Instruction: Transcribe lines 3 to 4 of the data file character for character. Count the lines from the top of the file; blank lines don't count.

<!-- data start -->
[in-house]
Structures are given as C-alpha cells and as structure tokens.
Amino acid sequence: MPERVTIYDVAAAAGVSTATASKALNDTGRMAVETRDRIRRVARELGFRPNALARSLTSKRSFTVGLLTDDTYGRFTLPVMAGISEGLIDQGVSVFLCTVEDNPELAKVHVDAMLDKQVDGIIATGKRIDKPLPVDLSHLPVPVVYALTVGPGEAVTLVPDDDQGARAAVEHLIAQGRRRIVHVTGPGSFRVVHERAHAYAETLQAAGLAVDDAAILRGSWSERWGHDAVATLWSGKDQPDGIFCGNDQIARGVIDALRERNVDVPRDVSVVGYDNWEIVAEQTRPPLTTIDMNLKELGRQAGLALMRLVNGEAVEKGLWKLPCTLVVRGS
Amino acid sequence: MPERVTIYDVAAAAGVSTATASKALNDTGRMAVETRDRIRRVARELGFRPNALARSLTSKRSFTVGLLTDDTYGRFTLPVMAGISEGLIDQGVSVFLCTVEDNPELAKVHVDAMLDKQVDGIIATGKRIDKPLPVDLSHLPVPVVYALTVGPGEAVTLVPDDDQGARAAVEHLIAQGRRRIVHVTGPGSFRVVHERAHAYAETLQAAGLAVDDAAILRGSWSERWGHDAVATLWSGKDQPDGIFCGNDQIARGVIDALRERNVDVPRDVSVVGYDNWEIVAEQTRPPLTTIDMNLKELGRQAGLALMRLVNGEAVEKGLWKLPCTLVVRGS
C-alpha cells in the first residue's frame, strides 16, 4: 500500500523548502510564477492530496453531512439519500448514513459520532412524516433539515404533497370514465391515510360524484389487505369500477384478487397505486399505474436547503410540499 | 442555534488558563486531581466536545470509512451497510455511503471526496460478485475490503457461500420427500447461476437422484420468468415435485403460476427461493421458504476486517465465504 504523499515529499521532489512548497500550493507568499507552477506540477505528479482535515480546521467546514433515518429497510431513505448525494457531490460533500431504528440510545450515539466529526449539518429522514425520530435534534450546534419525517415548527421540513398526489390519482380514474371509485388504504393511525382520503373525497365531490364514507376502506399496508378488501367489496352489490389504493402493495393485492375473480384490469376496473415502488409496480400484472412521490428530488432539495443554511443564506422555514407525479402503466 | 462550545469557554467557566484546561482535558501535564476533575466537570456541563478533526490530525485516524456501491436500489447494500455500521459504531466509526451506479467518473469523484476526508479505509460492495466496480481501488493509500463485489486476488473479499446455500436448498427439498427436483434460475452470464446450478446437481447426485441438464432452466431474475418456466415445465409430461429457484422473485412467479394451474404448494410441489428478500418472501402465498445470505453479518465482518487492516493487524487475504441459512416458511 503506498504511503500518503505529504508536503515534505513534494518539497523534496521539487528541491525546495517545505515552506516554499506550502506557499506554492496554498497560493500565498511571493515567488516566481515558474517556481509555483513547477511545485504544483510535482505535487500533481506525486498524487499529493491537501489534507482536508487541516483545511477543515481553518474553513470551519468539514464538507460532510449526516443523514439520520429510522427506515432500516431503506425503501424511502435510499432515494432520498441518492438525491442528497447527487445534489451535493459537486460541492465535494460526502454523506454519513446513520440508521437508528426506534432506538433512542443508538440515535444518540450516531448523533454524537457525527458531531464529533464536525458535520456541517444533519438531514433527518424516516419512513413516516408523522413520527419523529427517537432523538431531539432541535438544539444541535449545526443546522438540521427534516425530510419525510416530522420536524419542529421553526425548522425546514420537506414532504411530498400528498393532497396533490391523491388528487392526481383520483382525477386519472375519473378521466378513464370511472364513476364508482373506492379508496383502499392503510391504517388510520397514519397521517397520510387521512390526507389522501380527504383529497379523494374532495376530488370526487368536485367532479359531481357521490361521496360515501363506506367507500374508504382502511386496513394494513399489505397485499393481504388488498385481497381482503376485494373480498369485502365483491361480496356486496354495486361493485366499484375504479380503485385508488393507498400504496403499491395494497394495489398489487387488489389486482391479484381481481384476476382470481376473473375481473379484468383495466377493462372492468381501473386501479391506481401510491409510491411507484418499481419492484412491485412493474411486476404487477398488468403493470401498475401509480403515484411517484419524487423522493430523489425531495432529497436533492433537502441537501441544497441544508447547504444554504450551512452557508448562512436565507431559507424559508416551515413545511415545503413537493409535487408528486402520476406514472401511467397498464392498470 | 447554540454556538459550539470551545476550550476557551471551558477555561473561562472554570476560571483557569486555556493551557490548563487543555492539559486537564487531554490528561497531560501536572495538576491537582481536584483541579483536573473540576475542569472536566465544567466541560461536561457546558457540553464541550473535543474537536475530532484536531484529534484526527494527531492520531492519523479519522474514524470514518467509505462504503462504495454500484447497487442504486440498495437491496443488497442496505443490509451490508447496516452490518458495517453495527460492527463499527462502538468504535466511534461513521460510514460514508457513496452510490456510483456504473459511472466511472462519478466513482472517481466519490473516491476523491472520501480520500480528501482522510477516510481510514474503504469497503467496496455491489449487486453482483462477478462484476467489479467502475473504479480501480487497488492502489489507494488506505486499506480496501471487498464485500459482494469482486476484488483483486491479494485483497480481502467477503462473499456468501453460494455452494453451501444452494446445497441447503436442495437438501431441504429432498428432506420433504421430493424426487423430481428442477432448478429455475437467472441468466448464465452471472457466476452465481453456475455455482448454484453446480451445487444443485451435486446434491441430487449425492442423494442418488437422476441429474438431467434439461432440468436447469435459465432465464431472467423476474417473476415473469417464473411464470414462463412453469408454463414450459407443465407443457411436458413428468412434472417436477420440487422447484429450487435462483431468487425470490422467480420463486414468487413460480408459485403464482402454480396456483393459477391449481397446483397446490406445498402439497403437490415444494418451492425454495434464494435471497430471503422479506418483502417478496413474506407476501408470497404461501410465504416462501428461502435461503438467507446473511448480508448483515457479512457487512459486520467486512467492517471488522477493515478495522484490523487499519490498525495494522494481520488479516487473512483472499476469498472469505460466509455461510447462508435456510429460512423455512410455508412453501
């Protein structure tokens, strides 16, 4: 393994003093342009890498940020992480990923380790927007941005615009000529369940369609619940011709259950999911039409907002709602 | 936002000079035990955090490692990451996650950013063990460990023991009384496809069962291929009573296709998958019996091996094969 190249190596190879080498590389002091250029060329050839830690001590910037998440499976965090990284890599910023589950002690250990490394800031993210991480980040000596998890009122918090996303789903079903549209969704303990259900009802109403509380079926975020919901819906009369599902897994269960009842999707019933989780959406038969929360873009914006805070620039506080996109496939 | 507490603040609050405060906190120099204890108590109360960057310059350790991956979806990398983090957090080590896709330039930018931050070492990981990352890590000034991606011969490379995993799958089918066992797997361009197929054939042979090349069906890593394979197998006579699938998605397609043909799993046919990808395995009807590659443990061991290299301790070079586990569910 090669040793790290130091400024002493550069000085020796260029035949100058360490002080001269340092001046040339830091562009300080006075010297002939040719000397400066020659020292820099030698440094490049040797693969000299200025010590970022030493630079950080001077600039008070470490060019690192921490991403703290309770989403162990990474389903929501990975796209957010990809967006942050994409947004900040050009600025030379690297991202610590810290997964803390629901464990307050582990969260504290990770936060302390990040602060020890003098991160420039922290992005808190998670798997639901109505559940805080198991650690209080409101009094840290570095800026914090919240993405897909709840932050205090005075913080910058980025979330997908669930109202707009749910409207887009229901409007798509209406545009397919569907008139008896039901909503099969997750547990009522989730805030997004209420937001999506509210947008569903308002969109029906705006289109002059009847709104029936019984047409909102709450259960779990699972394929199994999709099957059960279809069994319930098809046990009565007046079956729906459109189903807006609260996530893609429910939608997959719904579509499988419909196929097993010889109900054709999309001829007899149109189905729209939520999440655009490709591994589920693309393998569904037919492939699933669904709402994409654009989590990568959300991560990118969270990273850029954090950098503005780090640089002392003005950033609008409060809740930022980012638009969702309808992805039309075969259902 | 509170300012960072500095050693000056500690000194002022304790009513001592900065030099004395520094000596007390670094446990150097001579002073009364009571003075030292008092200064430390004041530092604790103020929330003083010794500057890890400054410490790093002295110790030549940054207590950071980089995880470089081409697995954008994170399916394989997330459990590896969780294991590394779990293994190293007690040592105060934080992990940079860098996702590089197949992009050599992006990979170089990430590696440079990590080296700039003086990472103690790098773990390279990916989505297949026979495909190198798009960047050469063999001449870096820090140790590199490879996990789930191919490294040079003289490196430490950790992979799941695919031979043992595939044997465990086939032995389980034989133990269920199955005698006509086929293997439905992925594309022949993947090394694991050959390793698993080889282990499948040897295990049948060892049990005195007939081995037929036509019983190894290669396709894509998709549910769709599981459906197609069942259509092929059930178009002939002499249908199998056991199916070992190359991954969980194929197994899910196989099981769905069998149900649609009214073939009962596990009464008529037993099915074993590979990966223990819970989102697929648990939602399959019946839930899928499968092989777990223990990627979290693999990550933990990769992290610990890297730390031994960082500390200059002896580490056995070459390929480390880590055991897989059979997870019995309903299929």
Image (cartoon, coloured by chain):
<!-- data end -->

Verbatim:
Amino acid sequence: MPERVTIYDVAAAAGVSTATASKALNDTGRMAVETRDRIRRVARELGFRPNALARSLTSKRSFTVGLLTDDTYGRFTLPVMAGISEGLIDQGVSVFLCTVEDNPELAKVHVDAMLDKQVDGIIATGKRIDKPLPVDLSHLPVPVVYALTVGPGEAVTLVPDDDQGARAAVEHLIAQGRRRIVHVTGPGSFRVVHERAHAYAETLQAAGLAVDDAAILRGSWSERWGHDAVATLWSGKDQPDGIFCGNDQIARGVIDALRERNVDVPRDVSVVGYDNWEIVAEQTRPPLTTIDMNLKELGRQAGLALMRLVNGEAVEKGLWKLPCTLVVRGS
Amino acid sequence: MPERVTIYDVAAAAGVSTATASKALNDTGRMAVETRDRIRRVARELGFRPNALARSLTSKRSFTVGLLTDDTYGRFTLPVMAGISEGLIDQGVSVFLCTVEDNPELAKVHVDAMLDKQVDGIIATGKRIDKPLPVDLSHLPVPVVYALTVGPGEAVTLVPDDDQGARAAVEHLIAQGRRRIVHVTGPGSFRVVHERAHAYAETLQAAGLAVDDAAILRGSWSERWGHDAVATLWSGKDQPDGIFCGNDQIARGVIDALRERNVDVPRDVSVVGYDNWEIVAEQTRPPLTTIDMNLKELGRQAGLALMRLVNGEAVEKGLWKLPCTLVVRGS